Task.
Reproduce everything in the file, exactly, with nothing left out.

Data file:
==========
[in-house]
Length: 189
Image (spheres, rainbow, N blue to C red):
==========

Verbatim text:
[in-house]
Length: 189
Image (spheres, rainbow, N blue to C red):